Starting with its cover, the book encourages us to immerse ourselves in the intimacy of its author. The title Am I Not Light, debossed in the cardboard, invites the touch of our fingers and the discovery of what’s inside. We come across the velvety back of a woman in a white silk negligee. Her nearly platinum hair sparkles in the darkness of the room. She is lost in her thoughts in the deep of the night. Insomnia? This waking night is a source of solitude. The suspended time, the sleeping world are favourable to listening to the silence, to the reflection and to the introspection. To listen to the variations of the soul, that is Bob Farese’s purpose through this book.
The title, Am I Not Light, explains the photographer, is also a “nod to Einstein, who taught us that light and energy and mass are relatively interchangeable. I thought it fitting also for a photography book, which in essence attempts to capture light.”
Bob Farese is a scientist and Chair of the Department of Molecular Metabolism at the Harvard School of Public Health in Boston, Massachusetts, where he runs a lab. Like any researcher, he seeks to understand the world. He uses experiments in the hope of finding answers. His images are a document of an experience of the self and of the world. They testify to the photographer’s interactions with the universe.
Bob Farese came to photography through the woman he shares his life with, herself a photographer: “My wife Nancy Richards Farese is a photographer and first got me into photography about five years ago by showing me how David Guttenfelder of National Geographic used his smartphone for many of his images. I decided to try it. After learning some from David in a workshop, he turned me on to the iPhone photography of Gueorgui Pinkhassov. After that, I was totally hooked and wanted to learn and learn and learn, and hopefully achieve some mastery.”
Photography was a revelation and opened the doors to a new understanding of the world. “Photography has, in a sense, changed my life. I notice things. I am more mindful of light, color, beauty, and other things in my surroundings. And I am very happy when I am shooting and learning and in this creative space… I am often looking for these hidden glimpses of beauty that are just in front of us, but most everyone doesn’t see.”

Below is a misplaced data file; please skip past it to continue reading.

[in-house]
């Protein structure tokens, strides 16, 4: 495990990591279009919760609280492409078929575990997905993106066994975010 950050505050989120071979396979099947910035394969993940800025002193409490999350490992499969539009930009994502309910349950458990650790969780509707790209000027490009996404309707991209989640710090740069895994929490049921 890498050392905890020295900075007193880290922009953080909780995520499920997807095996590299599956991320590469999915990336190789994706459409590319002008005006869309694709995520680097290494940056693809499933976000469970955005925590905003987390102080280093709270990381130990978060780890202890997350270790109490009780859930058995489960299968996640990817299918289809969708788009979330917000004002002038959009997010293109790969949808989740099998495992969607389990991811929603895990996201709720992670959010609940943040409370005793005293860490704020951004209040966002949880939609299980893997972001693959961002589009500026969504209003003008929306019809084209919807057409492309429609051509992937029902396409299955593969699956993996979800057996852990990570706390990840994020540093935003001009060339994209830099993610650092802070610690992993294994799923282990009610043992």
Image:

Bob Farese simply goes outside, and with his cell phone photographs what intrigues, amazes, or moves him on his solitary walks through the cities he discovers. “Many of the photos are from Boston. But some are from my travels to San Francisco, New York, Paris, and other places in the world that my work takes me.”
When he’s out walking, he is on the lookout for anything that might catch his eye. Attentive to spaces, shapes, textures, and reflections, he captures their poetry and magic, offering us visual impressions. The oily texture of leaves, the silhouetted shadows of passersby, the sun blazing on the surface of a pond, light reflections palpitating in a shard of glass, water drops and fingerprints on a glass wall, tarmac shimmering after rain… Bob Farese pulls all the stops to present a sparkling reality.
Images and words are interspersed throughout the book, separated by blank pages which give them a precious quality and expressive force. Even if Bob Farese protests he is not a poet. “My grandfather and my mother loved poetry, so they were influences. For a while, I regularly read Mary Oliver and Rumi. And David Whyte. I am by no means a poet. But I do love lyrics and songwriting, and I do a lot of writing for my science research. I have a love for language, and I like to see what language can capture in a few words.”
Yet the effect is there. From the sound of his footsteps in the house to the music wafting through the air to find refuge in his ears, to his sense of solitude in the face of the crowd, to his breath. Bob Farese puts his senses on alert. He shares with us his most instinctive, primal sensations that emerge from contact with the world, and how these influence his emotions and states of mind.
Perusal of Am I Not Light encourages us to look for the light in our lives, to open ourselves to the world and marvel at it. So go out and open your eyes, it’s all there!
Am I Not Light by Bob Farese, Lecturis, 320 pages, 35€.
More information on Bob Farese’s work on his website.